In addition to all of these things, we also ensure that you don’t call the same function twice on the builder.

We can do all of these things using phantom types and implicits. Here is a code snippet for the function where we specify the gender of this particular copy:

def gender[S2](g: Gender.Value)(
implicit addGender: LocalStringBuilder.AddGender[State, S2],
checkNotAddedTwice: LocalStringBuilder.NotAlready[State, LocalStringBuilder.HasGender]
): LocalStringBuilder[LocalStringBuilder.Gendered, S2] = {
this.copy(genderOpt = Some(g))
}

The implicit parameter addGender takes State, and creates S2 = State with HasGender.

The implicit parameter checkNotAlreadyAdded checks to see if HasGender <: State. If this is the case, the code will not compile.

Note that the goal type has changed from Goal to LocalStringBuilder.Gendered.

At this point, we’ve gotten a bit deep into the code, so let me bring it back to the user. Remember at the top, when Swarm told me that I was a male Mayor? This was because the engineer had passed down the user gender via the gender() function, but failed to specify the separate copy for different genders. This lead to Spanish translators only receiving the neuter version to translate.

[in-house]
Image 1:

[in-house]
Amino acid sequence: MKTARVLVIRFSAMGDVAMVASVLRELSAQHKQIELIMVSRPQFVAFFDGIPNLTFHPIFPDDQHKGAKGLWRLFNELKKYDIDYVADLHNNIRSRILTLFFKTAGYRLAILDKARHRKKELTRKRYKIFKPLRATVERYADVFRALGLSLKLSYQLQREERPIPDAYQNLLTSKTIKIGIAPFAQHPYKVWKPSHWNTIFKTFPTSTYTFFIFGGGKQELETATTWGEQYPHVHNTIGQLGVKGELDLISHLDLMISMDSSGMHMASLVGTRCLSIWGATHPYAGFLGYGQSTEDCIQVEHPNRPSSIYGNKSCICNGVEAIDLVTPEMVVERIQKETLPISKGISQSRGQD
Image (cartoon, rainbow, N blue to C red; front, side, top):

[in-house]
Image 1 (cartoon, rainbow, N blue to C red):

Now, this type of bug is impossible. The programmer cannot specify gender without providing the separate copy for translators.

Testing

You might be wondering how you test that this code is correct. Obviously, you can just add sample correct cases and if the code compiles, then you’re all good. But how do you test code that shouldn’t compile?

For this, we used something that was opened sourced by Foursquare a few years ago as part of the Spindle project. Essentially, we run a scala repl in our test code and check the output to ensure that we have a compiler error and it matches what we expect.

Conclusion

After implementing this change, we turned a bunch of user-facing bugs into hundreds of compile errors. Once the code compiled and tests passed, we were able to push this code to prevent uncountable future bugs. We would not have been able to do this with just any language. Scala’s type system has really been our secret super power for our internationalization pipeline. If you too are interested in turning bugs into compile errors, we’re hiring!

Maryam Aly the rest of the Foursquare #i18n team